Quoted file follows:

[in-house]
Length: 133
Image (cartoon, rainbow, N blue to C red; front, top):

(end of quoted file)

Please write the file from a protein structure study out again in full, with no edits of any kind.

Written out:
[in-house]
Length: 133
Image (cartoon, rainbow, N blue to C red; front, top):